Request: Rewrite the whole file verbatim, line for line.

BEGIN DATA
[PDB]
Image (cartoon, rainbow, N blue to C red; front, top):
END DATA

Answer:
[PDB]
Image (cartoon, rainbow, N blue to C red; front, top):